Drive Rescue is based in Dublin, Ireland. We offer an external hard disk data recovery service for Iomega external USB drives which are unrecognisable, which are clicking, which are appearing as “unformatted” or Iomega drives which have been dropped. Common models we recover from include the MDHDU, MDHD500-ue, MDHD320-U, GDHDU2, LDHD-UP, LPHD-UP and Iomega Go 2.5” portable disks such as the RPHD-TG, RPHD-U, RPHD-UG and RPHD-UG3.
Data Recovery from inaccessible Samsung Evo 750 SSD
This Samsung Evo 750 SSD (MZ-750500) taken from a 2013 Apple iMac was no longer accessible to the user. Instead, this retro-fitted disk, presented him with the dreaded “flashing folder and question mark” screen. When in Apple’s Recovery Mode, the disk also failed to appear in Disk Utility. The user, an author, stored copious amounts of PDF, Word and image files on it – all of which needed to be retrieved to meet upcoming publication deadlines.
The Samsung Evo 750 is an SSD, which was introduced by the company in 2016. It uses 16nm planar-based TLC NAND, has a 512 DRAM cache and is managed by an MGX (Samsung in-house) controller.
Our SSD data recovery equipment provided us partial access to the Evo’s firmware. The wear- level of the SSD’s blocks was high and it also became apparent that the disk was over 94% full. An almost full-capacity solid-state with high-wear levels is far from optimal. This is because when some blocks go bad, the SSD controller will allocate (good) spare blocks to replace them with. This is known as bad block management (BBM). But, here is the catch, when the controller has a sparse level of blocks to choose from and those that are available are worn out – the controller can easily lock-up. We suspect this is why the user could no longer access his data.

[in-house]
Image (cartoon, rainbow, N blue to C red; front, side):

How could this have been prevented?
First and foremost, this problem could have been prevented if the user didn’t fill his disk up to near-full capacity. It’s generally a bad idea to use an SSD that is over 90% full, without freeing up some capacity first. SSDs need some breathing space to perform essential housekeeping operations like garbage collection and BBM.
Secondly, the user might have been prevented the problem if they over-provisioned the disk. Over-provisioning can be achieved by creating a partition that does not use the disk’s full capacity. This “unclaimed” space will then be used by the SSD controller as a pool of “spare” blocks.
In some cases, SSD manufacturers already do this in a process known as “factory over provisioning”. But, for this disk, Samsung did not factory-over-provision it. The deployment of factory over-provisioning is usually indicated by the disk having an “uneven” capacity. For example, a 480GB disk is normally a 500GB disk, but with 20GB reserved for over-provisioning. Likewise, you can have a 960GB SSD, which is really a 1TB disk with 40GB allocated for over-provisioning.